Tasmania is set to be the first Australian state to completely remove gender from birth certificates in what’s being hailed as a huge step forward for the state’s transgender residents.

The amendments to the law would mean transgender people would be able to go about tasks where they have to prove their identity, such as applying for jobs, without being forced to disclose their transgender status.

As The Australian reports, other amendments propose removing the need for transgender people to have sex change surgery before switching gender on official documents.

Transgender activist, Martine Delaney, said changes such as these, particularly removing gender markers from birth certificates, will have a significant impact on transgender people.

“It is not doing away with gender. That information would still be recorded by the registrar and medical records in the hospital,” she told The Australian.

“It just simply wouldn’t be displayed on the birth certificate.”

Tasmanian Greens leader Cassy O’Connor, whose 20-year-old son Jasper is trans, stated the changes would be life-changing for every trans person living in the state.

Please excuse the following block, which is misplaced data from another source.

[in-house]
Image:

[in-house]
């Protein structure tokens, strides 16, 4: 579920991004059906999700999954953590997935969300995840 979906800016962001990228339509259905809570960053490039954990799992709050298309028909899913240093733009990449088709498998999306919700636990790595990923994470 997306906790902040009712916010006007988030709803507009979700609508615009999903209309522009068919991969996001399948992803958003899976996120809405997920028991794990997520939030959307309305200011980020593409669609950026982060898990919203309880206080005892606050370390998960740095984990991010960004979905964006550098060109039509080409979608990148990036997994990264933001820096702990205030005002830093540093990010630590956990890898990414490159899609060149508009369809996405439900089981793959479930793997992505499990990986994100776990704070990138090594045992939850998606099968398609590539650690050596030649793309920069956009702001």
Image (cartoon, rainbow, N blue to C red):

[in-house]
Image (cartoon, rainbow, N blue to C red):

“The flow-on effects of being able to have your birth certificate either gender neutral or changed to your correct gender are profoundly life-changing.

At the moment in Tasmania, if Jasper wants to have his birth certificate changed he will need to have a hysterectomy, and that is cruel and unnecessary.”

Christian and feminist groups associated with the Liberal government have lashed out at the motion, though, with many critics claiming changes made by the Greens and Labor have “hijacked” the original intention of the bill.

Australian Christian Lobby’s state director, Mark Brown, told The Australian the bill was “essentially abolishing gender” and “homogenising humanity”.

He added:

“The sex a child is born with is a scientific and immutable fact. Birth certificates are used to detail such historical truths.

“A person’s biological sex is changed or removed it greatly diminishes the significance and usefulness of birth certificates. Such changes, therefore, should be off-limits.”

The Tasmanian State Parliament’s next sitting date is set for November 20th where a decision will be made on the proposal.

Images via Getty/Supplied/The Australian/Facebook